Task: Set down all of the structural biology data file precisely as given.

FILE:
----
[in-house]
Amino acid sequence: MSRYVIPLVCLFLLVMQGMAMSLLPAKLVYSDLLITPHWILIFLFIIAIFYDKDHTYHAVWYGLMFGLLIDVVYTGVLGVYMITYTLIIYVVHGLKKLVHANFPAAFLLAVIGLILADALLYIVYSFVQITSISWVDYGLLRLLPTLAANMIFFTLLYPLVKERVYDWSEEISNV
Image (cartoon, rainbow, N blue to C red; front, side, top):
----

[in-house]
Amino acid sequence: MSRYVIPLVCLFLLVMQGMAMSLLPAKLVYSDLLITPHWILIFLFIIAIFYDKDHTYHAVWYGLMFGLLIDVVYTGVLGVYMITYTLIIYVVHGLKKLVHANFPAAFLLAVIGLILADALLYIVYSFVQITSISWVDYGLLRLLPTLAANMIFFTLLYPLVKERVYDWSEEISNV
Image (cartoon, rainbow, N blue to C red; front, side, top):